Article by Jeff Connolly, Chairman and CEO of Siemens Australia & Pacific
On the scale of things, ‘team Australia’ have done a remarkable job in managing COVID – both in terms of health and economic outcomes compared to other countries. But now we need to secure a predictable operational model by employing best technologies in order to reopen the borders … safely.
It’s time for Australia to really come together, rather than focus on different politics and agendas. This has been no more clear than in recent days and weeks as we continue to highlight the quarantine issue and returning citizens and as Victoria again enters a seven day lockdown. Clearly COVID will remain an important topic – even as we reach higher levels of vaccinations. In fact our health authorities have made it apparent that even once we are fully vaccinated there is every expectation that we will need to continue booster shots to keep virus variants at bay.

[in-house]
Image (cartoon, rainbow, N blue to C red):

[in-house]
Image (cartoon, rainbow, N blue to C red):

Should we open our borders or not?
I have had conversations with people I respect who vehemently argue the need to bring Australian citizens back to Australia as quickly as possible. They have very sound arguments. On the flip side, I have other people I really respect who vehemently argue the need to keep people away from the country because of the risks to our health and economy of the pandemic and unknown strains. Both sides are correct. This is a really complex issue that needs people to come to the table in a respectful manner and work out a way forward that is positive for everyone.
It starts with finding the common ground
The common ground is that we should look for what is in the best interests for Australia. Most would agree in the following:
- Keeping our citizens (abroad and at home) safe
- Having safe and free movement around the world
- Creating a prosperous and healthy nation
- Providing as much freedom as possible so Australians can enjoy life and our cities can continue to have their high status of livability